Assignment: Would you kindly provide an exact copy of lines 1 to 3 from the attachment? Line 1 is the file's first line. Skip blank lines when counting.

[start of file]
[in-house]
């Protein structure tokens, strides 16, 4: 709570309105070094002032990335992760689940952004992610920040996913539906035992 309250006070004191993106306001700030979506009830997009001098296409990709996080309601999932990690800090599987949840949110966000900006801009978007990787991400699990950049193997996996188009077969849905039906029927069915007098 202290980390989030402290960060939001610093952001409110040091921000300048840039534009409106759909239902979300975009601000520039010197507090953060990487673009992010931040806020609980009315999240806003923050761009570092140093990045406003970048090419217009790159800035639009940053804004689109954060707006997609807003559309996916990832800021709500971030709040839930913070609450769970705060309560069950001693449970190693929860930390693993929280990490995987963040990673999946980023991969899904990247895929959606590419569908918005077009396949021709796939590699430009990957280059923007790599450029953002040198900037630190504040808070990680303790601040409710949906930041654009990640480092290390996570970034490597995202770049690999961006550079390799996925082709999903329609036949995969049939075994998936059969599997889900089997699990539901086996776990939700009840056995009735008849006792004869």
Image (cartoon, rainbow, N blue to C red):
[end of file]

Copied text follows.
[in-house]
């Protein structure tokens, strides 16, 4: 709570309105070094002032990335992760689940952004992610920040996913539906035992 309250006070004191993106306001700030979506009830997009001098296409990709996080309601999932990690800090599987949840949110966000900006801009978007990787991400699990950049193997996996188009077969849905039906029927069915007098 202290980390989030402290960060939001610093952001409110040091921000300048840039534009409106759909239902979300975009601000520039010197507090953060990487673009992010931040806020609980009315999240806003923050761009570092140093990045406003970048090419217009790159800035639009940053804004689109954060707006997609807003559309996916990832800021709500971030709040839930913070609450769970705060309560069950001693449970190693929860930390693993929280990490995987963040990673999946980023991969899904990247895929959606590419569908918005077009396949021709796939590699430009990957280059923007790599450029953002040198900037630190504040808070990680303790601040409710949906930041654009990640480092290390996570970034490597995202770049690999961006550079390799996925082709999903329609036949995969049939075994998936059969599997889900089997699990539901086996776990939700009840056995009735008849006792004869």
Image (cartoon, rainbow, N blue to C red):